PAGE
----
Global reported endophthalmitis risk following intravitreal injections of anti-VEGF: a literature review and analysis
Authors Sigford D, Reddy S, Mollineaux C, Schaal S
Received 5 November 2014
Accepted for publication 27 November 2014
Published 2 May 2015 Volume 2015:9 Pages 773—781
Checked for plagiarism Yes
Review by Single anonymous peer review
Peer reviewer comments 2
Editor who approved publication: Dr Scott Fraser
Douglas K Sigford,1 Shivani Reddy,1 Christine Mollineaux,2 Shlomit Schaal1
1Department of Ophthalmology and Visual Sciences, University of Louisville, Louisville, 2Department of Ophthalmology and Visual Science, University of Kentucky, Lexington, KY, USA
Purpose: To report on endophthalmitis occurrence and associated risk factors following the intravitreal injection of anti-VEGF agents based on a review of published literature.
Materials and methods: A Medline search was performed using the terms “bevacizumab” and “ranibizumab”. A total of 534 English-language articles of varying design and published from 2006 to November 2013 were analyzed for endophthalmitis occurrence and contributing perioperative factors.
Results: A total of 445,503 injections were counted. There were 103 cases of postinjection endophthalmitis in 176,124 injections (0.058%) with bevacizumab (Avastin) versus 79 cases in 269,379 injections (0.029%) with ranibizumab (Lucentis). This difference was due to a significantly higher occurrence of culture-negative endophthalmitis associated with bevacizumab injections. Culture-positive risk was not statistically different between the two drugs. The reported use of postinjection topical antibiotics increased the risk of culture-positive endophthalmitis. No association was found with the use of povidone iodine, a lid speculum, a mask, or an operating room. Streptococcus spp. were the most prevalent causative organism, accounting for nine of 54 (17%) of all culture-positive cases.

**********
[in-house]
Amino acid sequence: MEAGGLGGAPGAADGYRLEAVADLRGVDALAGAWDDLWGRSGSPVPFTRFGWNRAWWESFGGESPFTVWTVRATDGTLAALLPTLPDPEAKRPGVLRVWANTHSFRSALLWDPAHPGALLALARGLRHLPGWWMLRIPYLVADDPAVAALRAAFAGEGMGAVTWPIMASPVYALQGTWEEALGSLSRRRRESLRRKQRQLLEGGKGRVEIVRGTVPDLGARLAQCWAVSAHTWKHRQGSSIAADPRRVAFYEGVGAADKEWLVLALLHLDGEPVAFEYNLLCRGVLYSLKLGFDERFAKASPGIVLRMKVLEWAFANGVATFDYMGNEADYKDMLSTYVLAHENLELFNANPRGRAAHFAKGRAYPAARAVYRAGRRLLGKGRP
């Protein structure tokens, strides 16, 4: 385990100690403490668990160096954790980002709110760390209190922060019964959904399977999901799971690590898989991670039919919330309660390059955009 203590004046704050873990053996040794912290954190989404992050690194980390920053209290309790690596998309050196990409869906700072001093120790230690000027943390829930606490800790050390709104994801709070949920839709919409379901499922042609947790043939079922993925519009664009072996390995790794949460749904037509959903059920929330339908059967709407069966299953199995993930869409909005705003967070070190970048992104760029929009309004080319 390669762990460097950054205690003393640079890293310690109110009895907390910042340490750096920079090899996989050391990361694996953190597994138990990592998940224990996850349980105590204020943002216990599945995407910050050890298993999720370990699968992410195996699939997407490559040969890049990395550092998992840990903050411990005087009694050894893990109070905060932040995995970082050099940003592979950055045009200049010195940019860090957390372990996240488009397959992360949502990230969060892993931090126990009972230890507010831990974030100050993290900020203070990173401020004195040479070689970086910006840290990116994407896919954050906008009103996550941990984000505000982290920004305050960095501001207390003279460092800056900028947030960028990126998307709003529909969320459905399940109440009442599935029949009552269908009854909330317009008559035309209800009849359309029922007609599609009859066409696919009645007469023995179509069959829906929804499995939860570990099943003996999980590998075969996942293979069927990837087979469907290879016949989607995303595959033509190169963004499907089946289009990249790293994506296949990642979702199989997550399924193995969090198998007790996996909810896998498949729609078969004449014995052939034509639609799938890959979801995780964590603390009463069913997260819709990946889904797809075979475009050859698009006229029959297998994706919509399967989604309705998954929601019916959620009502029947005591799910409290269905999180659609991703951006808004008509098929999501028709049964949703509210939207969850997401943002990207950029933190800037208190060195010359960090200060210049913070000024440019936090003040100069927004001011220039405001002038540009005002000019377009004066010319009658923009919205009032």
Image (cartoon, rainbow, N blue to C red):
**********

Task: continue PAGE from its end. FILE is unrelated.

Conclusion: Reported postinjection endophthalmitis occurred significantly more in patients treated with bevacizumab than those treated with ranibizumab. However, culture-positive occurrence was similar. Despite the potential for contamination at the time of drug compounding, bevacizumab does not appear to confer a higher risk of culture-positive endophthalmitis than ranibizumab. This study also suggests antibiotic use may increase endophthalmitis occurrence.
Keywords: endophthalmitis, eye infections, intravitreal injections, panophthalmitis
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